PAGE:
Aakash Dalal accused of plotting, encouraging friend's attacks on Bergen County Jewish community
Nineteen year old Aakash Dalal was the brains behind a string of attacks that terrorized the Bergen County Jewish community between December and January, police alleged on Friday.
Aakash Dalal, a Lodi resident and student at Rutgers University, is the second man arrested in connection to the attacks, which began as petty vandalism and took a violent turn with the firebombing of two synogogues last month.
Another 19-year-old Lodi man, Anthony M. Graziano, is accused of wielding the Molotov cocktails that were thrown into the window of the Congregation Beth El temple in Rutherford. But police say Dalal, Graziano's childhood friend, was behind the scenes, prodding him along.
Officials released excerpts of alleged instant message conversations between the two men recovered by a computer forensics expert with the Bergen County Prosecutor's office Friday. The often graphic exchanges offer a glimpse into what Molinelli described as a "student-teacher" relationship between Graziano, identified as "AG," and Dalal, identified as "AD."
In one such exchange, after a fire ignited behind the Congregation K'Hal Adath Jeshuran in Paramus fizzled out, the two allegedly express disappointment:
AD: Basically no damage. It did nothing. You haven't proven yourself.
AG: So how much damage would be acceptable?
AD: Serious damage. Or total burnage.
"Mr. Dalal was the teacher, and Mr. Graziano was the student," Molinelli told NJ.com on Friday. "And Mr. Dalal would tell Mr. Graziano what he had to do, as you saw in one of the slides, to satisfy the requirement."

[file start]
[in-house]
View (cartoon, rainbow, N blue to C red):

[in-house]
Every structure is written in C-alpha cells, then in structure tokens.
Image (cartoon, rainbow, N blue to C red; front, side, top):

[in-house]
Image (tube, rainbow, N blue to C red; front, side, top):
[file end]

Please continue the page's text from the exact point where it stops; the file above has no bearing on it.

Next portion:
He is charged with aggravated arson, conspiracy to commit aggravated arson, bias intimidation and two counts of criminal mischief. He's being held on $2.5 million bail.
Graziano, who has already plead not guilty to his charges, faces additional counts after the investigation found that both men were present in the cases of anti-Semitic graffiti at Jewish temples in December of last year, Molinelli said.
Dalal, whose academic status at Rutgers is unclear, was described as a religious agnostic. It remains unclear where he and Graziano allegedly developed anti-Semitic views. The two were not members of any known hate groups, Molinelli said.
In the alleged exchanges, the two discuss the media coverage of the attacks, fueled by the attention but disappointed with the outcome of the Paramus attack. On Jan. 8, Graziano allegedly told Dalal that he "finally found an all wood synagogue."
It was the Congregation Beth El temple in Rutherford, where authorities allege Graziano flung Molotov cocktails into the windows of the upstairs residence while Rabbi Nosson Schuman and his family slept on Jan. 11.
“In hindsight, it makes sense that they are two [suspects],” Schuman told The Record Friday. “The person they caught today is more the mastermind behind the attacks, and Graziano is the pawn carrying out the attacks.”
Molinelli said the two also mocked law enforcement. In one of the exchanges released Friday, Dalal allegedly tells Graziano, "Molinelli is going to lose his [expletive] job."
Molinelli also revealed Friday that Graziano was in the process of obtaining a gun when he was apprehended in January.
"I am certain that we were within weeks away of a tragedy," he said.
Joy Kurland, director of the Jewish Community Relations Council at Jewish Federation of Northern New Jersey, told reporters on Friday that she was relieved by the second arrest.
"We on behalf of the Jewish community, are extremely gratified to hear this news," she said. "I can't commend law enforcement enough."